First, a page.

Pollution and its Impacts on the South American Cryosphere

Luisa T. Molina, Laura Gallardo, M. Andrade, D. Baumgardner, M. Borbor-Cõrdova, R. Bõrquez, G. Casassa, F. Cereceda-Balic, L. Dawidowski, R. Garreaud, N. Huneeus, F. Lambert, J. L. McCarty, J. Mc Phee, M. Mena-Carrasco, G. B. Raga, C. Schmitt, J. P. Schwarz

Research output: Contribution to journalReview articlepeer-review

35 Scopus citations


This article is a review of the science goals and activities initiated within the framework of the Pollution and its Impacts on the South American Cryosphere (PISAC) initiative. Air pollution associated with biomass burning and urban emissions affects extensive areas of South America. We focus on black carbon (BC) aerosol and its impacts on air quality, water availability, and climate, with an emphasis on the Andean cryosphere. BC is one of the key short-lived climate pollutants that is a topic of growing interest for near-term mitigation of these issues. Limited scientific evidence indicates that the Andean cryosphere has already responded to climate change with receding glaciers and snow cover, which directly affect water resources, agriculture, and energy production in the Andean region of South America. Despite the paucity of systematic observations along the Andes, a few studies have detected BC on snow and glaciers in the Andes. These, in addition to existing and projected emissions and weather patterns, suggest a possible contribution of BC to the observed retreat of the Andean cryosphere. Here we provide an overview of the current understanding of these issues from scientific and policy perspectives, and propose strategic expansions to the relevant measurement infrastructure in the region. Key points A review of black carbon pollution impacts on the Andean cryosphere is presented The lack of observations in the Andean region hampers the understanding of glacier retreat Few mitigation measures relevant to short-lived pollutants have been adopted in the region.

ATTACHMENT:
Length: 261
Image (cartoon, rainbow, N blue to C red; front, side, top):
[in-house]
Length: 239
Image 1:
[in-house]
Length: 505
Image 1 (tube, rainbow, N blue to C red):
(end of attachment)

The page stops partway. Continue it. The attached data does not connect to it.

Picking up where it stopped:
Original languageEnglish
Pages (from-to)345-369
Number of pages25
JournalEarth's Future
Issue number12
StatePublished - 1 Dec 2015

Bibliographical note

Funding Information:
Various writing meetings took place over the last 2 years. We acknowledge the support provided by the Molina Center for Strategic Studies in Energy and the Environment, the Center for Climate and Resilience Research (FONDAP 15110009) and Universidad de Chile, the Center for Sustainability, Universidad Andrés Bello, and Universidad de San Andrés in La Paz, Bolivia. Also, the sponsorship provided by the international Commission on Atmospheric Chemistry and Global Pollution (iCACGP). FL and NH acknowledge support from FONDECYT 1151427 and 1150873 respectively.

Publisher Copyright:
© 2015 The Authors.


  • Andes cryosphere
  • air pollution
  • black carbon
  • climate change
  • water resources


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